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SAS 9.1.3 Integration Technologies » Developer's Guide


SAS Stored Processes
Software Requirements
Creating Stored Processes
Input Parameters
Result Types
%STPBEGIN and %STPEND
Reserved Macro Variables
Stored Process Server Functions
Sessions
Samples
Debugging
Converting SAS/IntrNet Programs
Using Stored Processes
Building a Web Application
SAS Stored Process Web Application
Configuration
Input
HTTP Headers
Embedding Graphics
Chaining Stored Processes
Using Sessions
Debugging
IOM Direct Interface Stored Processes
SAS Stored Processes

Creating Stored Processes

A stored process is a SAS program that is hosted on a server and described by metadata. Stored processes can be written by anyone who is familiar with the SAS programming language or with the aid of a SAS code generator such as SAS Enterprise Guide. The basic steps to creating a stored process are as follows:

  1. Writing the Stored Process
  2. Choosing or Defining a Server
  3. Registering the Metadata

Writing the Stored Process

Almost any SAS program can be a stored process. A stored process can be written using the SAS program editor, SAS Enterprise Guide, or any text editor. The following program is a typical stored process:

 
   *ProcessBody;
   %stpbegin;
   title "Shoe Sales By Region and Product";
   footnote;

   proc report data=sashelp.shoes nowindows;
      column region product sales;
      define region / group;
      define product / group;
      define sales / analysis sum;
      break after region / ol summarize suppress skip;
   run;
   %stpend;

The program begins with a standard comment that initiates input parameter processing, if any. The %STPBEGIN and %STPEND macros initialize the Output Delivery System (ODS) and deliver the output (in this case, a report) to the client. This stored process is capable of generating multiple output formats including HTML, XML, PDF, CSV, and custom tagsets and then delivering the output through various techniques including streaming output, a client package, a server-side archive package, or a WebDAV collection.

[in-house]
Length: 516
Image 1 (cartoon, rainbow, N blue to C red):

Note: You should not use the %STPBEGIN and %STPEND macros if your stored process does not use ODS or if your stored process writes directly to the _WEBOUT fileref.

Choosing or Defining a Server

You must choose a server to host your stored process. Servers are defined in metadata and are actually logical server definitions that can represent one or more physical server processes. There are many options including pre-started servers, servers started on demand, and servers distributed across multiple hardware systems. You can use the Server Manager in SAS Management Console to create or modify server definitions. For more information about server configurations, see SAS Integration Technologies: Server Administrator's Guide.

Because the logical server description in metadata hides the server implementation details, a stored process can be moved to or associated with any appropriate server without modifying the stored process. Moving a stored process from one server to another requires only changing the metadata association and moving the source code if necessary. Note that a stored process is the combination of a SAS program, the server that hosts that program, and the metadata that describes and associates the two. It is not possible to create a stored process that is associated with more than one server, although it is possible to create stored processes that share the same SAS program, or source code file.

Stored processes can be hosted by two types of servers: SAS Stored Process Servers and SAS Workspace Servers. The two servers are similar, but have different capabilities and are targeted at different use cases.

Stored Process Server

The stored process server is a multi-user server. A single server process can be shared by many clients. The recommended load-balancing configuration enables client requests to be serviced by multiple server processes across one or more hardware systems. This approach provides a high-performance, scalable server, but imposes some restrictions. Because the same server handles requests from multiple users, it cannot easily impersonate that user to perform security checks. By default, the server runs under a single, shared user identity (defined in metadata) for all requests. All security checks based on client identity must be performed in the stored process. For more information about stored process server security, refer to the section about Planning Security on Workspace and Stored Process Servers.